In this year of deep political splits and bad manners, who would have predicted that our great national-education debate has reached such a friendly, we-can-all-get-along moment?

Republicans and Democrats in Congress, after agreeing on almost nothing for years, have managed to pass a bipartisan education bill. It’s not brilliant legislation, but it’s something.

More startling, two of the education war’s most prolific warriors — historian and author Diane Ravitch and investor and charter school advocate Whitney Tilson — are talking nice to each other and making a list of the things they agree on.

In the past, the writings of Ravitch, a critic of testing, charter schools and billionaire education reformers, and Tilson, a critic of teachers unions, school-district bureaucracies and low standards, sometimes have been as acidic as this year’s presidential debates. It got so bad that I wrote a column in 2010 about them. The headline writer accurately labeled it “a plea for peace among petulant pundits.”
“They are among my favorite commentators,” I wrote. “I wish they were more willing to give credit to ideological adversaries for the good sense and good words on all sides of the debate.”

Ravitch excoriated President Obama for backing charters, testing programs and teacher-evaluation systems loved by business interests. Tilson labeled Ravitch a turncoat for opposing reforms she once favored as an official of the George W. Bush Education Department.

But the Republicans have gotten so crazy lately, at least from Tilson’s and Ravitch’s perspective, that the two adversaries have found common ground. Tilson asked Ravitch whether she shared his distaste for the new North Carolina law requiring transgender people to use public bathrooms according to their gender at birth, not the gender with which they identify. She said she did. They expressed themselves equally aghast at the idea of a Donald Trump presidency.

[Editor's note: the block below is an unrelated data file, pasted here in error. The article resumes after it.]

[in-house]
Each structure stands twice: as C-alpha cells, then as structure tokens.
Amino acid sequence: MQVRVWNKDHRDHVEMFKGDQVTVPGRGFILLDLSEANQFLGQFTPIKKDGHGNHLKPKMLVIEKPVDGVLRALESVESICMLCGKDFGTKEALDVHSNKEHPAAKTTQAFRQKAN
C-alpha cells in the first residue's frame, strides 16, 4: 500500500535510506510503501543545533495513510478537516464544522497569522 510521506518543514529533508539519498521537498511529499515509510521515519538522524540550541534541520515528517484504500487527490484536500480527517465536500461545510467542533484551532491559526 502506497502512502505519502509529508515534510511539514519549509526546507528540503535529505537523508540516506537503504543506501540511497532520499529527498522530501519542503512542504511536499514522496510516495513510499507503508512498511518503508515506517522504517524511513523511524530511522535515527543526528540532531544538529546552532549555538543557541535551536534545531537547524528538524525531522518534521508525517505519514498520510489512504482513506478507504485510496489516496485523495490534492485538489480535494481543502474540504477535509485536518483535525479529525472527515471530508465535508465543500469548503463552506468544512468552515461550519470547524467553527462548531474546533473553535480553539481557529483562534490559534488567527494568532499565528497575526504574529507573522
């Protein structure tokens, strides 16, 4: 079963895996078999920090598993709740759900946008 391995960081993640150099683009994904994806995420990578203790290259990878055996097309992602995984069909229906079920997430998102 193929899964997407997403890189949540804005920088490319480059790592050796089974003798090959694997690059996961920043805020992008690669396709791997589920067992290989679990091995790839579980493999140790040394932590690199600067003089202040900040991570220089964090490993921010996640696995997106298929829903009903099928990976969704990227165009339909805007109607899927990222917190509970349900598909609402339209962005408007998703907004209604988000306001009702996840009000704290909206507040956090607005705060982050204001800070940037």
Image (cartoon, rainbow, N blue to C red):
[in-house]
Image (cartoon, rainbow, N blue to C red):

Tilson emailed Ravitch a list of 24 statements about education that he thought she may agree with. Ravitch endorsed many of them. Those positions, from these two key activists, suggest the direction that education policy will take in the future.

Tilson and Ravitch agreed, for instance, that poverty has an enormous effect on a child’s ability to learn; that fixing homelessness, violence, broken families and other social ills is critical; that some testing is necessary but too much is harmful; that expanding high-quality pre-K is important; that teachers should be evaluated regularly, comprehensively and fairly with the primary goal of helping them improve their craft; that if a teacher doesn’t improve, there needs to be a timely and fair system to get him or her out of the profession; and that in fighting for the interests of teachers, unions are doing exactly what they’re supposed to.
This is not a love fest. Ravitch, at 77, and Tilson, at 49, have very different professional histories and peer groups. She isn’t impressed with his defense of his billionaire friends’ sincerity in wanting to help poor urban kids achieve. They need to fix poverty, not reorganize schools, she says. He can’t accept her view of teachers unions as the underdog victims of rich reformers when, he says, those unions “are among the most powerful interest groups in the country.”

But I like their email exchanges that reveal them deep in conversation on topics such as how best to evaluate teachers and make them better. Tilson agreed with Ravitch that using tests to evaluate instructors has flaws and suggested letting good principals do it. Ravitch said she saw that working at a Brooklyn school. Yet the current focus on evaluation, she added, reflects a fantasy that “a supply of great teachers is waiting to get into the classrooms,” when many need more training and students need better home lives to succeed.

Take a look at their discussion online. I hope it influences the rest of us when we debate schools. It is without doubt an improvement on the tone and character of our discussions over who should be the next president.